In a series of prior blog posts, we previously highlighted the historic implications of the Inflation Reduction Act (IRA) for the U.S.’s international climate commitments, as well as for private companies navigating the energy transition.  Shortly after our series published, the Senate passed the IRA on Sunday August 7th with only minor modifications to the bill’s $369 billion in climate and clean energy spending.  Today, the House passed the IRA without any further changes, and soon hereafter President Biden is expected to sign it into law. 

However, this is only the beginning of the road; the IRA will have sweeping implications beyond the four corners of its pages.  In the coming months and years, we expect to see intense jockeying over agency rulemakings that will shape the IRA’s implementation, as well as determine its ultimate success as an energy policy.  

I. Congressional Permitting Reform

As an initial matter, it seems Congress has not finished its work revamping the nation’s climate and energy laws.  As part of his agreement to support the IRA, Senator Joe Manchin (D-WV) announced that “President Biden, Leader Schumer and Speaker Pelosi have committed to advancing a suite of commonsense permitting reforms this fall that will ensure all energy infrastructure, from transmission to pipelines and export facilities, can be efficiently and responsibly built to deliver energy safely around the country and to our allies.”  While the exact contours of this legislation are not currently known, Senator Manchin’s office recently released a legislative framework, which includes proposals to, among other things:Continue Reading House Passes Inflation Reduction Act, Marks a New Era for Climate Policy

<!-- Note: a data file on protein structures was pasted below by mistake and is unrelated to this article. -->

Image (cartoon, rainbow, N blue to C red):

Late on July 27, Sen. Joe Manchin and Senate Majority Leader Charles Schumer announced an agreement on the Inflation Reduction Act (IRA): a reconciliation package that implements prescription drug pricing reform, invests in Affordable Care Act health care subsidies, imposes a corporate minimum tax and improves tax enforcement, and—most relevant for this post—provides $369